Driver Board Connections

That's all for now... next up: getting the arduino's installed and brining this thing to life. The Arduino's should be here on the 2nd (I hope).
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Re: Constructing Janus, by Dirk

Postby tylerv » Wed Jun 01, 2011 4:47 am

You laser looks really good so far! I'm excited to see how the Arduinos work when you get them installed. I may pick your brain when you get them up and running...

BTW, I used your idler bearing assembly mod when I installed the belts in my laser. The sanded metal rod works really well. I just got a normal 1/4" rod (vs. high precision rod), but it works lots smoother than the 1/4" machine screw that was in there previously. (Bart, I second putting this or something similar the design).
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Location: Utah, USA

Tested the driver board

Postby dirktheeng » Fri Jun 03, 2011 1:08 am

Well... I got my power chord from storage today so I was able to power up the board. At first I was a little scared because the fan wouldn't turn. After I powered it down and back on it worked fine. I have not been able to repeat the behavior since, so I'm not too worried about it and it seems to work fine now.

I connected a 5 vold wire to the motor enable/disable pin and the motors locked up and I was not able to move them. I suppose that means it works just fine. I am very excited about that.
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Power supply for arduino's????

Postby dirktheeng » Fri Jun 03, 2011 1:35 am


I need to figure out a power supply for the arduino's. The documentation reccommends 7-12 volts, but doesn't say how much current they need. Does anybody know how much they could expect to draw? I am running one Uno and one Mega. Also, can anybody suggest a cheap solution for either powering it off AC or the 24 V power supply?
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Re: Constructing Janus, by Dirk

Postby BenJackson » Fri Jun 03, 2011 1:53 am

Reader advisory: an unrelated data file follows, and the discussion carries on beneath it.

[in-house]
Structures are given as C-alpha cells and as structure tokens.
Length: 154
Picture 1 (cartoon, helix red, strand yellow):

Some nominal amount of current like a few hundred mA.

Find the power supply chip on the board (or just link to where you bought it so we can find the schematic). Then google the datasheet and see what its max voltage is. It might take 24V as-is. If not there are various solutions which we can recommend for the specific board.
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Re: Power supply for arduino's????

Postby FunGizmos » Fri Jun 03, 2011 5:18 am

I sell these 9v wall adapters ... cts_id=183, or you can find many 5v regulated supplies on Ebay something similar to: ... 2a02552fd4 which you could mount easier inside on your power skid.

The should have no problem running both of your Arduino's off a 1amp supply. If you use a 5v regulated supply you hook it directly to the 5v rail of the Arduino bypassing the on board regulator (Just double check and ensure your supply is supplying 5v first.)

The Arduino is rated for 20v Max suply but you you really don't want to use anything higher then 12v, doing so will just make the Arduino's on-board regulator run super hot.


I need to figure out a power supply for the arduino's. The documentation reccommends 7-12 volts, but doesn't say how much current they need. Does anybody know how much they could expect to draw? I am running one Uno and one Mega. Also, can anybody suggest a cheap solution for either powering it off AC or the 24 V power supply?[/quote]
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Re: Constructing Janus, by Dirk

Postby naPS » Fri Jun 03, 2011 5:57 am

I blew up a MEGA running 12v. I think the regulators on them can't handle much. You can power them off of any USB adaptor, there's tons of them. Phone chargers work really well for them.
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Power Supply for Arduino's

Postby dirktheeng » Sat Jun 04, 2011 2:22 pm


I think I found what I need for powering my little friends. I found the PSU on ebay ( ... 3a52eed2f2). It will accept ac (transformed down to 22v or less) and DC from 4-30V. It will output between 4.5 and 30V, regulated DC up to 1.5A. Best of all it's only $10 with shipping and it is assembled! Here are a couple pics.

PSU module

Wiring Diagram

I'll probably set it to 9V or so